Rockefeller Calls on SEC to Make Corporate Cyber Attacks Public

Too few companies report their information security risks to investors, Senators say

May 12, 2011

Chairman Rockefeller and Ranking Member HutchisonWASHINGTON, D.C.—Chairman John D. (Jay) Rockefeller IV (D-W.Va.) today called on the U.S. Securities and Exchange Commission (SEC) to clarify corporate disclosure requirements for cybersecurity breaches so that the American public can learn more about when hackers make efforts to penetrate companies’ computer systems.

Rockefeller, in a letter to SEC Chairman Mary Schapiro, said “Securing cyberspace is one of the most important and urgent challenges of our time. In light of the growing threat…it is essential that corporate leaders know their responsibility for managing and disclosing security risk.” The letter was signed by four other senators: Sens. Robert Menendez (D-N.J.), Sheldon Whitehouse (D-R.I.), Mark Warner (D-Va.) and Richard Blumenthal (D-Conn).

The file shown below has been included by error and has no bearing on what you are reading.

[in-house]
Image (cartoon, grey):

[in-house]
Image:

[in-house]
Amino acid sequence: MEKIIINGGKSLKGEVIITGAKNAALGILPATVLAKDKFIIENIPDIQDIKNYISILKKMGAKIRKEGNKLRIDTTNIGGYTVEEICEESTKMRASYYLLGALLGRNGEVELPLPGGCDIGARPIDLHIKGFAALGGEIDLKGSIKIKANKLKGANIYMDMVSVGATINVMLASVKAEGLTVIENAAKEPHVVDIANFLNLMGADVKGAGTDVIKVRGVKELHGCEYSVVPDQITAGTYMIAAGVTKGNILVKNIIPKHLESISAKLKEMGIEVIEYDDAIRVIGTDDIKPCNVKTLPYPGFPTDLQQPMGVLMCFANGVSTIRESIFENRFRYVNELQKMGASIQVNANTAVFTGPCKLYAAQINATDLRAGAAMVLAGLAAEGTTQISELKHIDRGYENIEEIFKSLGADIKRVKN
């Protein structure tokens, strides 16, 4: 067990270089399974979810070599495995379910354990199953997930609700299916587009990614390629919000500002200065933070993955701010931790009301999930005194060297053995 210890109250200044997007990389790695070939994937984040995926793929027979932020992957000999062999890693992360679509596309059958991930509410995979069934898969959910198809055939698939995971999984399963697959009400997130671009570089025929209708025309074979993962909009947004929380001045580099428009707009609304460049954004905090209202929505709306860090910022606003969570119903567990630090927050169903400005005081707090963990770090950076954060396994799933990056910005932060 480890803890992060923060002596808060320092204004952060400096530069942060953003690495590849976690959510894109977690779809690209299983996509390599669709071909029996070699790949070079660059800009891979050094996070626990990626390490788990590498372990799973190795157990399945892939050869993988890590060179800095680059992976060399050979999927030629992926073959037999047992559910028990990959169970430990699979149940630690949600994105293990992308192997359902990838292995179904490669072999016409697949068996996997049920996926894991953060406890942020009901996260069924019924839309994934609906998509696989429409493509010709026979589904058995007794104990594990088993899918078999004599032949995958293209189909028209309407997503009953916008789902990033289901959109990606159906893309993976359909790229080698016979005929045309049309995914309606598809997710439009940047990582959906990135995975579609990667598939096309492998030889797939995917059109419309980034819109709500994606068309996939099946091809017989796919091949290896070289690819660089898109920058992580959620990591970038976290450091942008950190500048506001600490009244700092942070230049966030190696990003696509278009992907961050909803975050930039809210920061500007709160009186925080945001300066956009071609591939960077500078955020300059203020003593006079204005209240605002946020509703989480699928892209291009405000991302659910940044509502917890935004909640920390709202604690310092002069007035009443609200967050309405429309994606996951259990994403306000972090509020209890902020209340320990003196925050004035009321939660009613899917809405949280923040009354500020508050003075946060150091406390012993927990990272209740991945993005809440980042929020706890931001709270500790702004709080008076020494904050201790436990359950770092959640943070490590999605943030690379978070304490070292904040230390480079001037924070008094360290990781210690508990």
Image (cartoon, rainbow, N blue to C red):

Cyber risk management is a critical corporate responsibility. Federal securities law requires publicly traded companies to disclose “material” risks and events, including cyber risks and network breaches. A review of past disclosures suggests that a significant number of companies are failing to meet these requirements. The SEC has longstanding authority to publish “interpretive guidance” to clarify corporate responsibilities, protect investors, and promote fair and efficient markets. 

Chairman Rockefeller is the lead sponsor of comprehensive legislation to address America’s vulnerability to cybercrime and attacks. He is now working with the White House and with Committee chairs to pass a comprehensive cybersecurity bill this year.